Tough tax times ahead for C-K ratepayers


The average Chatham-Kent homeowner is facing property tax increases of nearly $1,200 over the next four years.

That is the starting point municipal administration has handed Chatham-Kent council.

This will be the first dive by council and administration into multi-year budgeting, and from 2024-27, early projections – before council potentially uses its trimming scissors – sees an average increase of 7.82 per cent. 

Next year’s proposed increase is the most palatable, at 6.57 per cent. For 2025, the hike spikes at 8.69 per cent, falling to 8.29 per cent in 2026 and then 7.76 per cent in 2027.

Municipal administration, as well as Mayor Darrin Canniff and budget committee chair Brock McGregor sat down with local media Nov. 15 prior to that night’s initial budget unveiling session with council to go into details behind the multi-year planning, as well as the pressures facing C-K finances.

For 2024, Gord Quinton, chief financial officer for the municipality, said inflationary pressures account for four per cent of the 6.57 per cent proposed increase. Infrastructure funding adds 1.5 per cent, policing will add an estimated 0.8 per cent, while other operational needs account for 0.27 per cent.

McGregor said the big factor council and administration face is obviously the cost of inflation, and is something all municipalities in the province are feeling.

Infrastructure lifecycle funding has been underfunded essentially since amalgamation. McGregor said C-K is only funding about half the needed infrastructure maintenance work at this time.

Canniff said we’re not alone.

“This is what every municipality is looking at. We collectively have been lobbying heavily to the (Ontario) government,” he said. “Everybody is saying, ‘We need infrastructure help.’”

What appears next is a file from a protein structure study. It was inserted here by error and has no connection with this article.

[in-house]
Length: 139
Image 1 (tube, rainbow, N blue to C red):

Officials lamented the funding system for certain services in Ontario, with what they said was an unfair burden on property taxes. Quinton again pointed to social services as a big concern.

Social service costs in other provinces are not usually on the property tax base. That’s not the case in Ontario.

“There is the concept that the property tax system in Ontario is broken. and needs to be looked at. Things that are happening in society out there, in Ontario, are being forced on the property owners only to pay for,” he said.

Canniff said paying for the homeless shelter should not fall solely on the backs of property owners.

“The homeless shelter costs us $3 million a year and that’s not budgeted. It’s not in our mandate, last time we checked, to pay for affordable housing on the property tax dollar, but that’s what’s happening,” he said, adding it cannot be ignored. “We have to address it. Homelessness exists and it is going to get worse before it gets better.”

Community consultations will take place online on Nov. 22 at noon and Nov. 23 at 7 p.m. on Facebook.

Budget deliberations begin Nov. 28 at 6 p.m. in council chambers and can also be viewed online via Facebook and YouTube.


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